Sixty-two-year-old Siranush Mardanyan starts her day with a hot cup of coffee on the balcony of her home. Her eyes roam over the dilapidated areas of the house and unfinished reconstruction, which serve as a constant reminder of the death of her husband three years ago, and the worsening condition of her son Arayik, 38, who lives with a disability.
Siranush and Arayik were accepted into FAR’s Soup Kitchen program in 2014, which provides them with a balanced, nutritious meal once a day for five days per week. The Berd Soup Kitchen (sponsored by the Mardigian Family Foundation) is not far from their house, and provides crucial food support for around 120 people from low-income families, including seniors living alone and people with disabilities.
“We make coffee on this stove using cardboard for the fire. Unfortunately, there is no gas and neither money to install the pipes, so we have to pick up firewood from here and there to heat the house in winter. The soup kitchen has become our means of living. We usually have our food in the afternoon and wait for the next day, around 1:00pm to go to the soup kitchen. We have to fend for ourselves over the weekends. Luckily it’s summer right now and we can collect some greens to cook. We have a small farm and no accommodations to water plants, so I can’t grow many crops, mostly just some bean plants,” said Siranush Mardanyan who used to earn a living by working in a bus station café as a cleaner for many years. She became unemployed 10 years ago due to salary cuts.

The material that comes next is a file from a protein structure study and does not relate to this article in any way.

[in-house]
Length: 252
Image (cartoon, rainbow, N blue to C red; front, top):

Since childhood, Arayik has suffered from an intestinal disease, then started to experience developmental disabilities. Siranush could not afford his treatment herself and has been unable to receive state benefits to cover themedications he needs. Nevertheless, Siranush says that he is physically very strong and often helps her with chopping firewood and working the soil in Spring.
In 2017, Siranush lost her husband Hrachik to a heart attack. “He was the only feeding hand of our family. Hrachik always wanted to have a house, so we sold our apartment and moved into this house. But he wasn’t able torenovate it and now it’s falling apart. I have to use buckets on the sides of our house to collect rain water,” she said.
Due to the pandemic, Siranush currently takes their food home from the soup kitchen, and proudly states that she is fond of soups. “I don't have teeth, so I love soups, but Arayik likes everything,” she said noting that her main focus now is to help Arayik receive state benefits so that they can have a reliable monthly income.
FAR’s soup kitchens are a literal life-line for hundreds of the most vulnerable Armenians. Even through the COVID pandemic, FAR has remained resolute in ensuring each soup kitchen can still provide regular nutritious meals to their beneficiaries.